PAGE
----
It is estimated that one in four people is a victim of fraud, while, globally, merchants are expected to incur around $325 billion in fraud costs and losses every year. Fraud is a huge issue that is on the rise. Economic decline makes the prospect of committing fraud more attractive, which is fueled by increasing numbers of online transactions that do not need to be conducted face to face. There is a constant, ongoing battle between fraudsters and legitimate businesses, particularly in the area of digital security.
There is a high social and financial cost to fraud that impacts both organizations and individuals. Hundreds of fraudulent techniques exist, which include anything from theft of a credit or debit card, tax evasion, claims fraud, advertising goods and services that don’t exist, falsifying information, or stealing another’s identity for gain. How do you assess the risk of fraud effectively to ensure you are protecting your customers or yourself?
There are a number of challenges involved in assessing the risk of fraud. For starters, how do you automate the detection process so that fraud is flagged correctly? How do you ensure that your fraud-detection team is concentrating on the most important areas? How do you decrease “false positives,” where time is wasted investigating cases that are not really fraudulent at all? Fraud investigation is costly and time-consuming, so it’s essential to be able to prioritize high-value cases in order to use your resources effectively. In many countries, legislation must be considered as it restricts organizations from declining customer applications on suspicion of fraud without conducting an investigation.
In addition to this, your customers will want instant decisions about their applications or real-time transactions. Unfortunately, there is a trade-off between speed and fraud prevention. Your organization will need to make fast decisions that are unobtrusive to the customer and don’t compromise company policies or fraud protection. Turning down a customer on suspicion of fraud could lose you revenue now and in the future from someone who potentially could be a long-term customer. Monitoring fraud techniques is the only way to stay one step ahead by preventing and detecting fraud.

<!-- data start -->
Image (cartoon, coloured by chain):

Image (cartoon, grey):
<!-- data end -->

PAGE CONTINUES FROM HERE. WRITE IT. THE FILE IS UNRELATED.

Fraud detection and identity management products or services permeate throughout Experian, enabling companies to detect, monitor and assess the risk of fraud at every stage of their customer relationship. Experian can help you:
Detect cases of fraud – we support your fraud detection systems throughout the customer journey, from knowing the customer’s identity, through accepting his or her application, to growing the business by cross-selling to customers with authenticated identities.
Automate fraud risk assessment – our systems flag the possibility of fraud. For example: a woman claims an annual income of $97k when she applies for a mortgage, but in a previous application, she stated that she was earning half of that. We can highlight this and other suspicious behavior, enabling the investigation team to concentrate on these high-risk cases and allowing genuine customers to receive great service.
Predict the likelihood of fraud – our analytics can help you evaluate the risk of fraud to support prioritization of cases and effective use of operational resources.
Reduce many types of fraud – we concentrate on reducing application fraud, retail and ecommerce fraud, money laundering, false-work-history fraud, and, in some regions, open-account fraud.
Share information – in a growing number of countries, we have set up fraud detection schemes shared by a number of organizations in a sector. These organizations see the fight against fraud as a battle that requires cooperation with their competitors.